08/02/2012 11:50 am ET

Rare Vladimir Nabokov Story About Boxing Published For First Time In English

The Times Literary Supplement has unearthed a rare story by Vladimir Nabokov, the author of "Lolita," "Pale Fire" and other poetic classics. Titled "Breitensträter – Paolino," the story has never been published in English before.

Nabokov was born in St. Petersburg, Russia, and was raised speaking and writing both English and Russian. "Lolita" was written in English, and was later translated into Russian by Nabokov himself. This newly uncovered story, "Breitensträter – Paolino," was translated from Russian to English by Anastasia Tolstoy (yes, she is related to Leo Tolstoy. She's his great-great-great granddaughter) and Thomas Karshan.

The topic is a heavyweight boxing match that took place in Berlin in 1925. After the Russian Revolution, Nabokov's family lost their wealth and relocated to Germany, where the author taught tennis and boxing lessons during the daytime, and wrote at night.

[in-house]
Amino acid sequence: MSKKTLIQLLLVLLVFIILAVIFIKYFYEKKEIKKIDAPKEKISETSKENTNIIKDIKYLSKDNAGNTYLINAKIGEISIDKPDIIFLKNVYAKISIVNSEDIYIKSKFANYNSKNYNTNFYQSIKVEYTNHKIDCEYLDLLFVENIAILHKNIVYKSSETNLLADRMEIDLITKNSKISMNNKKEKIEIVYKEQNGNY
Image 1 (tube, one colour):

The Times Literary Supplement writes:

Of all the sports Nabokov could have chosen to focus on, he took in boxing the one that concentrates as no other the pain and violence he always saw in play. But “Breitensträter–Paolino” is a very literary and verbal account of boxing – the author’s red ink seeping across a skein of metaphor into the blood on the referee’s vest – and is punctuated according to the varying rhythms and geometries of the sport: its quick flurries, its wary circlings, its duelling antitheses.

Of course, this is not the only posthumous Nabokov translation or publication. In 2009, the author's incomplete work, "The Original of Laura," was published in spite of his request that the manuscript be burned. The writer's son, Dmitri, who had translated his father's plays in the past, announced in 2008 that he would preserve the novel, but it was ultimately received poorly by critics.

Here is a taste of "Breitensträter–Paolino", which you can read in its entirety here:

Man has played as long as he has existed. There are ages – holidays of humanity – when man is especially impassioned by games. So it was in bygone Greece, in bygone Rome, and so it is in our own Europe of today.